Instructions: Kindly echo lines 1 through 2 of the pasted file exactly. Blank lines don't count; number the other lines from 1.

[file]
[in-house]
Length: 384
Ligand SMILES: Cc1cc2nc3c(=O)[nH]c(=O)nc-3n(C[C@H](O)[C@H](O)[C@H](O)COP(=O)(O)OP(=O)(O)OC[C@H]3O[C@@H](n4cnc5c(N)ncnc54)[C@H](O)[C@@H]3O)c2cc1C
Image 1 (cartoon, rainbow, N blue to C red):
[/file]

[in-house]
Length: 384